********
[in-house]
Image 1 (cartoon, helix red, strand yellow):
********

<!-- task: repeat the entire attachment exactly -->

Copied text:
[in-house]
Image 1 (cartoon, helix red, strand yellow):